BRUSSELS (Reuters) - EU leaders agreed on Friday that urgent action was needed to haul their coronavirus-hit economies from the deepest recession since World War Two, but made no progress on a massive stimulus plan that has divided them bitterly for weeks.
The 27 avoided a bruising bust-up during a summit by video-conference of around four hours, and agreed to meet in person in mid-July to haggle and get across the line a long-term budget and economic rescue package worth 1.85 trillion euros.
“Leaders unanimously agreed that the severity of this crisis justifies an ambitious common response,” Ursula von der Leyen, President of the European Commission, told reporters.
Earlier, European Central Bank chief Christine Lagarde warned the leaders that the European Union’s economy was in a “dramatic fall” due to the coronavirus crisis and that the full impact on unemployment rates was yet to come.
Under discussion is the EU’s 2021-27 budget of about 1.1 trillion euros, and a proposal by the Commission, the bloc’s executive, to borrow 750 billion euros from the market for a new recovery fund that would help revive economies hardest hit by coronavirus, notably Italy and Spain.
With more than 100,000 deaths from COVID-19, the EU is keen to demonstrate solidarity after months of bickering that has dented public confidence and put the bloc’s global standing at risk after its buffeting from Brexit.
A “NOT PARTICULARLY USEFUL” SUMMIT
Spanish Prime Minister Pedro Sanchez voiced impatience with a negotiation process that officials say could drag into August, calling for an early agreement.
“The more time we waste, the deeper will be the recession,” he said on Twitter.
But Swedish Prime Minister Stefan Lofven said member states remained “fairly far from each other” and while everyone wanted to do a deal over the summer he was not sure it was possible.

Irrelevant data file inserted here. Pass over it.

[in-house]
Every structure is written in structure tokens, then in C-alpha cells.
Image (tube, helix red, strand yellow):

Fiscally conservative northern countries of the EU and a high-debt “Club Med” group of southerners are divided over the size and terms of the recovery fund, which the Commission has suggested be split into two-thirds grants and one-third loans.
The Netherlands, Denmark, Sweden and Austria - the “Frugal Four” - say the fund is too large and should be used only as loans, since grants would have to be repaid by all EU taxpayers.
They want the funds to be clearly linked to pandemic recovery and say recipients must commit to economic reform.
Austrian Chancellor Sebastian Kurz called for a clear time limit on the recovery fund so it does not become an “an entry into a permanent debt union”.
Eastern EU countries say too much money will go to the south and want spending to focus on agriculture and closing development gaps with the richer west. The latter group, in turn, are determined to keep their rebates on contributions to the bloc’s joint coffers, which others want to phase out.
One senior EU diplomat said while there was little to show for the summit, at least it was cordial.
“It was not particularly useful,” the diplomat said. “On the other hand, it was not very controversial either, and the tone of the debate was OK.”
Reporting by Robert Muller, Andrius Sytas, Kate Abnett, Philip Blenkinsop, Andreas Rinke, Francesco Guarascio, Robin Emmott, Belen Carreno, Jan Strupczewski, Gabriela Baczynska, Writing by John Chalmers, Editing by Giles Elgood
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